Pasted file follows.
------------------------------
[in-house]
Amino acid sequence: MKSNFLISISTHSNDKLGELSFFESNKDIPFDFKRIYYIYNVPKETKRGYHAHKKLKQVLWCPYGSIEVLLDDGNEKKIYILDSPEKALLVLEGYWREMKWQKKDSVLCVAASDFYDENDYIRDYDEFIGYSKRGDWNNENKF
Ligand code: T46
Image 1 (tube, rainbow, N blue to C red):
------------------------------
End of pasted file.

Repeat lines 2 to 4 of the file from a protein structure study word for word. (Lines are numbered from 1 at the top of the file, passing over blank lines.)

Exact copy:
Amino acid sequence: MKSNFLISISTHSNDKLGELSFFESNKDIPFDFKRIYYIYNVPKETKRGYHAHKKLKQVLWCPYGSIEVLLDDGNEKKIYILDSPEKALLVLEGYWREMKWQKKDSVLCVAASDFYDENDYIRDYDEFIGYSKRGDWNNENKF
Ligand code: T46
Image 1 (tube, rainbow, N blue to C red):